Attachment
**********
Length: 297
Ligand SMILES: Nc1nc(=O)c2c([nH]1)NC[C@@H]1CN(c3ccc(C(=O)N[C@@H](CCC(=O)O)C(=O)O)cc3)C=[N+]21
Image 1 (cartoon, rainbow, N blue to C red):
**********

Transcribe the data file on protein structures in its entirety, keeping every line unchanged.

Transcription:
Length: 297
Ligand SMILES: Nc1nc(=O)c2c([nH]1)NC[C@@H]1CN(c3ccc(C(=O)N[C@@H](CCC(=O)O)C(=O)O)cc3)C=[N+]21
Image 1 (cartoon, rainbow, N blue to C red):